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Razon vs.

IAC
GR. No. 74306, March 16, 1992
Facts:
Vicente Chuidian, the administrator of Juan Chuidians estate asked Enrique Razon
et.al, to deliver to him the certificate of stocks in E. Razon, Inc. registered in the
name of Juan Chuidian. Juan Chuidian was the father of Vicente. Razon, et.al
however alleged that all the stocks of the corporation were fully paid by defendant
Razon, and by agreement, that the all stocks were owned by Razon, and in his
possession. Razon also alleged that neither Juan nor Vicente had paid any amount
for the said stocks.
On the basis of the 1,500 shares of stock, the late Juan T. Chuidian and after him,
Enrique R., were elected as directors of E. Razon, Inc. Both of them actually served
and were paid compensation as directors of E. Razon, Inc.
From the time the certificate of stock was issued on April 1966 up to April 1971,
Enrique Razon had not questioned the ownership by Juan T. Chuidian of the shares
of stock in question and had not brought any action to have the certificate of stock
over the said shares cancelled
The certificate of stock was in the possession of defendant Razon who refused to
deliver said shares to the plaintiff, until the same was surrendered by defendant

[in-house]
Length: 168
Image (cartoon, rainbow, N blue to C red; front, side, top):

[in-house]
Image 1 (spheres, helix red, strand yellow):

Razon and deposited in a safety box in Philippine Bank of Commerce
Based on the facts, the subject shares of stocks were delivered by the late Chuidian
to Enrique because it was the latter who paid for all the subscription on the shares
of stock in the defendant corporation and the understanding was that he (defendant
Razon) was the owner of the said shares of stock and was to have possession
thereof until such time as he was paid therefor by the other nominal
incorporators/stockholders. (so, based sa akong sabot sa katag kaau na facts,
or ako ra ang katag, nagsabot ni cla na si Enrique R. nalang sa ang
mubayad, pero sa name ra nila, pero ang true owner jud kay c Enrique R.,
and ma own lang nila if bayaran nila ang latter). All of this was based on
oral agreement lang.
There was an earlier case about this, and has something to do with the dead mans
statute, and the admissibility of the testimony of Enrique R. about the oral
agreement he had with the late Chuidian.
According to Enrique R., the "dead man's statute" rule is not applicable to the
instant case. Moreover, the private respondent, as plaintiff in the case did not object

to his oral testimony regarding the oral agreement between him and the deceased
Juan T. Chidian that the ownership of the shares of stock was actually vested in the
petitioner unless the deceased opted to pay the same; and that the petitioner was
subjected to a rigid cross examination regarding such testimony. RTC held that
Razon was the owner, but it was overturned by CA (kay gi exclude from
evidence ang katong testimony ni Enrique). Hence, this petition.
Issues:
Whether or not the dead mans statute applies in this case.
Whether or not the testimony of Enrique R. should be excluded from
evidence.
Ruling: NO.
The dead mans statute only applies when it is filed against the administrator or its
representative upon a claim against the estate of the deceased person. It is clear,
therefore, that the testimony of the petitioner is not within the prohibition of the
rule. The case was not filed against the administrator of the estate, nor was it filed
upon claims against the estate.
Furthermore, the records show that the private respondent never objected to the